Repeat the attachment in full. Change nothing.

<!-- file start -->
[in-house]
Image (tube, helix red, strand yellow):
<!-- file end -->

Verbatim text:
[in-house]
Image (tube, helix red, strand yellow):